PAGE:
To read Lee Maracle’s My Conversations with Canadians and M. NourbeSe Philip’s Blank back-to-back is to confront the very real possibility that Martin Luther King Jr.’s belief in a moral universe whose long arc bends toward justice is at best wishful thinking and at worst misleading. Barack Obama loved King’s saying so much, he did the next best thing to chiselling it on a tablet: he had it woven into an Oval Office rug. Maracle and Philip, by contrast, offer essays that puncture the myth of progress through time and suggest that the more things change, the more they stay rotten. Maracle comes at this notion from an Indigenous world view, while Philip privileges blackness as a gateway to seeing and testing this country’s race relations.
Canada comes out of this mix bruised and tattered, and for good reasons. But what Maracle and Philip offer in their smart, humane, and confrontational books is the reckoning this country needs if we want the needle moved on racism in politics, culture, and our communities. Both books should be required reading for Canadians on the left and right, especially younger readers who could benefit from the authors’ long creative arcs, which span the past four decades.
Maracle frames her essays as conversations, but they are actually monologues to which the reader is not invited to respond. After decades of fielding infuriating questions from Canadians on book tours and at public lectures, Maracle sets the record straight on a few of our beloved myths, including Canada’s current narrative as a model multicultural society. “Canada is a British-dominated nation that diminishes all other cultures and promotes its own,” she asserts – assertion being her default rhetorical strategy. Well-meaning white Canadians (and to some degree people of colour who came after them) must stop acting all innocent and unaware of their roles in dispossessing Indigenous peoples of their lands and, crucially, their stories.
In a powerful conversation simply titled “Appropriation,” Maracle delivers a rebuke to past writers and a warning shot to new ones who think that getting an elder’s permission to write down oral stories gives them a moral absolution from literary theft. Maracle believes that cultural transmission is the birthright of children: “No one but our children are entitled to our knowledge, stories, law, teachings, science, or medicine.” Many white writers, scientists, and politicians have benefitted financially from appropriation while Indigenous people struggle to reclaim their knowledge or use it to level the playing field.
Elsewhere, Maracle boldly confronts white feminism, literary Canada’s predilection for panels and tokenism, and the residential schools’ legacy, which she convincingly compares to genocide. This much eclecticism gives the collection a survey-like feel, and the inclusion of a speech delivered in India as part of a conference on First Nations literature as the book’s finale suggests a desire to pad instead of revisiting and expanding original content.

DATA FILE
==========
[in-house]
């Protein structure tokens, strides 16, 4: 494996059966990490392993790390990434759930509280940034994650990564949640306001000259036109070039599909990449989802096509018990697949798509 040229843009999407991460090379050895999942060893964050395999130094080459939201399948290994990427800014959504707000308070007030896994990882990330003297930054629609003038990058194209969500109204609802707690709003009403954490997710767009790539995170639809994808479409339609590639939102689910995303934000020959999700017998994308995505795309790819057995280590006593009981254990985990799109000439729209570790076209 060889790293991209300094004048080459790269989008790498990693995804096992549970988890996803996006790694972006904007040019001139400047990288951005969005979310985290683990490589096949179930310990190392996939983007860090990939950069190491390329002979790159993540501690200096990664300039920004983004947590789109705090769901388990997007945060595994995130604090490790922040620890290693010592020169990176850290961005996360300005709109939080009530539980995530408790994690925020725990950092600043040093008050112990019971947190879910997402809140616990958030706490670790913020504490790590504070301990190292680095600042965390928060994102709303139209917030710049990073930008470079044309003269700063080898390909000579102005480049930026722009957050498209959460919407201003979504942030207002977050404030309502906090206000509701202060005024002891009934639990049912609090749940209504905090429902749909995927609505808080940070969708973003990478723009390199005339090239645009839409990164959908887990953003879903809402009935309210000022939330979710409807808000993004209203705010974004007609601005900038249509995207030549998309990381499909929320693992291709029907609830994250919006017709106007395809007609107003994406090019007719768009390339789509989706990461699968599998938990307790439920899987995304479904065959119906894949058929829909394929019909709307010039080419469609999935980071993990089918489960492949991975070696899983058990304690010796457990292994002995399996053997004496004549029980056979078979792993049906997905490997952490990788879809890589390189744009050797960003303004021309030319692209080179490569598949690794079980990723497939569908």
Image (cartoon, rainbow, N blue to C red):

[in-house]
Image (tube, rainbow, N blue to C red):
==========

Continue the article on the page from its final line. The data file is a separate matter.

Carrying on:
Philip’s book, by contrast, is built around juxtaposing older, out-of-print material – mainly from her 1992 collection Frontiers – with codas, new essays, letters, and ruminations. Not everything in this 350-page book is a must-read, and some entries fall somewhere between self-indulgence and self-pity. Yet cumulatively, the essays show not just how prescient Philip is as a commentator, but how much our culture has lost by the marginalization and erasure of voices like hers (hence the book’s title).
Read her analysis of the racist and hypocritical assumptions behind such 1990s debacles as the Royal Ontario Museum’s exhibition Into the Heart of Africa or the Garth Drabinsky production of Show Boat – both touchstones for Black activism in Toronto and throughout Canada. Her anger – then and now – is palpable, but she channels it through precisely the kind of evidence-based analysis that detractors claim is lacking in protest movements and literature.
The book’s masterpiece is a new personal essay titled “Riding the Bus with Rosa in Morocco,” in which Philip recounts how the local operators of a tour through the desert tried to have her removed from her seat to make room for two young white women. Philip directs her gaze to Morocco – a country on the northwestern tip of Africa that distances itself from the continent below it – and its complicity in the slave trade in the Arab and Muslim world, which predates the transatlantic one. She’s aware of the need to build alliances with other colonized subjects who “have felt the brute force of racism,” but critiques the Moroccans’ own brand of anti-Black racism, which, in her assessment, colludes with and validates white supremacy.
In a book that also addresses Philip’s roots in the Caribbean, this sideways glance at Morocco proves that while contexts may differ, the vulnerability of the Black body persists across time and place.